In 2014, a precipitous drop in oil prices rocked the petroleum industry. Following a period of relative calm in energy markets, the price of oil fell more than 60% in little over a year, wiping out some $60 billion in value. Many industry experts didn’t see it coming. For the chemical industry, which uses oil for energy as well as feedstock, the impact was complicated. Some sectors benefited, others suffered. In both cases, the episode underscored the chemical industry’s inherent volatility, and the need to better manage it.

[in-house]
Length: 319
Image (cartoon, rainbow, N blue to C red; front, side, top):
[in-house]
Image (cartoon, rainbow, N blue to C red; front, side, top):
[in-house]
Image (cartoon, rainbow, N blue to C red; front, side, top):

Of course, market fluctuations aren’t the only source of volatility for chemical makers. Like most process manufacturers, they employ a multitude of expensive industrial equipment that comprises a significant piece of an immensely complex supply chain. Equipment failure or unplanned downtime at any point can lead to diminished production, which results in expensive emergency repairs and in many cases, late or missed orders. That inconsistency not only creates angry customers and potentially unsafe conditions, but also makes long-term forecasting and budgeting next to impossible.